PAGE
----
Robert Ealey with Tone Sommer
I Like Music When I Party
Black Top 1138
Robert Ealey is the dapper 71-year-old blues vocalist from Fort Worth. On this follow-up to 1996ís successful Turn Out the Lights, Ealey provides another helping of straight-ahead Texas blues. His high tenor voice delivers wry commentaries on love and life in the í90s.
Following an exuberant introduction by Lou Ann Barton from the stage of the New Bluebird Nite Club in Fort Worth, Ealey starts things off with "Shake Your Butt." No philosophical observations here, just a rousing start to the party, which continues to heat up with "See About Me," a swing blues led by sax man Johnny Reno. (Reno also joins in on "Donít I Love You," a ballad in which Ealey hits the high notes in a pleading voice reminiscent of Percy Mayfield.)
"Somebody been throwiní cigarettes in my backyard/ Baby I donít even smoke Viceroy," Ealey sings in the opening lines of "Is Your Bathroom Clean?" And no, her bathroom is far from sanitary, what with "rats and roaches crawliní all over your commode." Tone Sommer, who gets co-billing on the album, illustrates the descriptions by imitating rodents and vermin on his guitar. Throughout the record, Sommer is a generous and sympathetic accompanist, never overwhelming the vocals.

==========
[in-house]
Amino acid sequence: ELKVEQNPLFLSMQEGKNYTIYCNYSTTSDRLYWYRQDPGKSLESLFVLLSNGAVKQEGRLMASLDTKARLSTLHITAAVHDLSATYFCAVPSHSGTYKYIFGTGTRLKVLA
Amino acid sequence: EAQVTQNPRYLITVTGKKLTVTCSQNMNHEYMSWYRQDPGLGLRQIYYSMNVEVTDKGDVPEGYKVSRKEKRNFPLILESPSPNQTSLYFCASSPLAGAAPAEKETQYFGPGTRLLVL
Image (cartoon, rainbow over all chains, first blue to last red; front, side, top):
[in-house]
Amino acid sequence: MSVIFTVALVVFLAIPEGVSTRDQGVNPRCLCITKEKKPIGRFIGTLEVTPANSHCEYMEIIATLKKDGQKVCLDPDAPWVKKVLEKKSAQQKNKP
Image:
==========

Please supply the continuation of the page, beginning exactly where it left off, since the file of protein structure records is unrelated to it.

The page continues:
Perhaps the most unusual song in the set is "Cristena," an original reggae tune, in which Ealey engages in Jamaican-style toasting. Itís out of place but charming and perfectly realized. The most powerful lyric is undoubtedly "Graveyard Blues," in which a homeless man wanders into a cemetery: "And all the dead woke up / Said son you gotta home / Ainít got no heart / Címon lay down on this soft pillow / You give up your hope/ All your worries be over."
But "Graveyard Blues" is the exception on this disc of good-hearted upbeat blues. Ealey likes music when he parties ó and he parties a lot.
ó David Feld